Khoobi? I hadn’t cooked this recipe in at least 10 years. I discovered it about 12 years ago at my Persian girlfriend’s house. I only had fesenjoon 3-4 times in my life and I still have very good memories of it.
Persian cuisine is very rich but there is one ingredient that is essential to this cuisine: rice . Indeed, Persians cannot conceive serving their kebabs and stews with something other than rice. This rice called polo is available in several versions such as sabzi polo (with herbs), albaloo polo (with sour cherries), baghali polo (with fava beans and dill) or my favorite rice, zereshk polo (with sour berries from the berberis vulgaris) to name only a few variations. I will probably devote a future post on the Persian rice…
Fesenjan (also called fesenjoon or khoresh-e fesenjan) is originally from the province of Gilan, bordering the Caspian Sea. This region is known for its wild ducks. In fact, the original fesenjan recipe is cooked with duck . Duck was eventually replaced by chicken. It is usually prepared with chicken legs or wings (with bones). I cooked this version with pieces of deboned chicken thighs and chicken breast. This dish can also be prepared in a vegetarian version and some also cook it with lamb, ground beef or fish, but I have personally never tasted or seen these versions here in Los Angeles.
This dish is typically prepared during the fall season when pomegranates mature. This is also a traditional dish of Rosh Hashana, the Jewish New Year as pomegranate is one of the new fruits that are eaten during this holiday. Luckily, this is the theme of the week on 196 flavors !
According to the original recipe, this dish is cooked with fresh pomegranate juice. However, nowadays, Persian mamas cook fesenjoon with pomegranate syrup or molasses. Los Angeles has the largest Persian community in the diaspora, i.e. outside of Tehran. We therefore have access to many supermarkets, restaurants and other shops selling Iranian products like pomegranate molasses.
Khoresh-e fesenjan is one of many khoreshs in Iranian cuisine. Khoresh (which translates to “meal” in Farsi) , is actually a generic term that defines many stews in Persian cuisine. One of the most famous is khoresh ghormeh sazbi, a beef stew with herbs, red beans and dried lemons (called limu omani). It looks very similar to pkaila… although it’s obviously not as good !
Fesenjoon is a very unique dish. Indeed, even if sweet and sour is very common in Mediterranean cuisine, as illustrated by the use of dates in Moroccan dafina , pomegranate gives here a very tart taste that is not found in Moroccan dishes.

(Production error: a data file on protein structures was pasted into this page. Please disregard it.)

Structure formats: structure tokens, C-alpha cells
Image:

Are you nuts?
This is the walnut that gives the dish its smoothness and richness. Persians often say that fesenjoon is better the next day because the sauce has time to thicken and concentrate the flavors.
This time, I cooked this dish on Labor Day. We were invited to our friends Bettina and Jonathan for a BBQ. Jonathan has Persian origins and I wanted to him to taste my khoresh. Yes , I know, I love to take risks and have my friends compare my dishes to those of their ancestors! I sincerely believe that my fesenjan was well prepared… but I totally failed on the rice. How can we miss rice, shall you say? Well, the preparation of Persian rice is very unique and we will also probably have a full post to explain it… when I finally master every stage… which is definitely not the case yet.
At home, my fesenjan was not the success I expected… judging by the plates of my children left half full. My wife Anne obviously did not like it … but that was expected since she doesn’t like anything sour.
Never mind, fesenjan was a success in my stomach ! And it’s not every day that a dish has its own world famous song, ok maybe not world famous… but the YouTube video by A$A is something from another world!
- 8 pieces chicken (with bones, skinless)
- 1 onion , finely chopped
- 2 bay leaves
- 4 cups walnuts
- 1 cup pomegranate molasses
- 1 tablespoon sugar
- 1 tablespoon cardamom seeds (optional)
- A few pomegranate seeds (to garnish)
- Sprinkle the chicken pieces with salt and pepper. Sauté them in a pan with a little oil until browned on all sides.
- Remove chicken. Add a little more oil and fry the onions for a few minutes until they are translucent.
- Put the chicken pieces back in the pan. Add 2 cups of water (or chicken broth). Bring to a boil. Cover the pan and simmer on low heat for 30 minutes.
- Meanwhile, toast the walnuts on a pan (with no oil) for a few minutes. It is also possible to toast them on a baking sheet in the oven at 350 F for 8-10 minutes.
- Wait for a few minutes until the walnuts are warm and grind them in a blender to obtain a powder.
- Add this walnut powder, the pomegranate molasses, sugar and cardamom seeds to the chicken.
- Cover and simmer over very low heat for 1 hour. Make sure to stir every 20 minutes to ensure that the walnuts do not stick to the bottom.
- Adjust the taste with salt and sugar before serving.
- Serve with white Persian rice ( polo) and pomegranate seeds to garnish.